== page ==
Billing reports#

Billing reports in the web console#

Cloud providers provide a billing console accessible via the web, often with very helpful reports. While not automation-friendly (see next section for more information on automation), this is very helpful for doing ad-hoc reporting as well as trying to optimize cloud costs. For dedicated clusters, this may also be directly accessible to hub champions, allowing them to explore their own usage.


You can get a list of all billing accounts you have access to via the billing console (make sure you are logged in to the correct Google account). Alternatively, you can select ‘Billing’ from the left sidebar in the Google Cloud Console after selecting the correct project.

Once you have selected a billing account, you can access a reporting interface by selecting ‘Reports’ on the left sidebar. This lets you group costs in different ways, and explore that over different time periods. Grouping and filtering by project and service (representing what kind of cloud product is costing us what) are the most useful aspects here. You can also download whatever you see as a CSV, although programmatic access to most of the reports here is unfortunately limited.


For AWS, “Billing and Cost Management” is accessed from specific AWS accounts. If using consolidated billing, it must be accessed from the ‘management account’ for that particular organization (see previous section for more information).

You can access “Billing and Cost Management” by typing “Billing and Cost Management” into the top search bar once you’re logged into the correct AWS account. AWS has a million ways for you to slice and dice these reports, but the most helpful place to start is the “Cost Explorer Saved Reports”. This provides ‘Monthly costs by linked account’ and ‘Monthly costs by service’. Once you open those reports, you can further filter and group as you wish. A CSV of reports can also be downloaded from this page.


We have limited expertise here, as we have never actually had billing access to any Azure account!

Programmatic access to billing information#

The APIs for getting access to billing data somehow seem to be the least well-developed parts of any cloud vendor’s offerings. Usually, they take the form of a ‘billing export’ - you set up a destination where information about billing is written, often once a day. Then you query this location for billing information. This is in sharp contrast to most other cloud APIs, where the cloud vendor has a single source of truth you can just query. Not so for billing - there’s no external API access to the various tools they seem to be able to use to provide the web UIs. This also means we can’t get retroactive access to billing data - if we don’t explicitly set up export, we have no programmatic access to billing information. And once we set up export, we will only have access from that point onwards, not retrospectively.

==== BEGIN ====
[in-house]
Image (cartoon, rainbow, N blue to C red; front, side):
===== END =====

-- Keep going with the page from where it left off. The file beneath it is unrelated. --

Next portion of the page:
1. GCP asks you to set up export to BigQuery, their sql-like big data product. In particular, we should prefer setting up detailed billing export. This is set up once per billing account, and not once per project. And one billing account can export only to BigQuery in one project, and you can not easily move this table from one project to another. New data is written into this once a day, at 5 AM Pacific Time.

  2. AWS asks you to set up export to an S3 bucket, where CSV files are produced once a day. While we could then import this into AWS Athena and query it, directly dealing with S3 is likely to be simpler for our use cases. This data is also updated daily, once enabled.

  3. Azure is unknown territory for us here, as we have only supported Azure for communities that bring their own credits and do their own cost management.

Our automated systems for billing need to read from these ‘exported’ data sources, and we need to develop processes to make sure that we do have the billing data exports enabled correctly.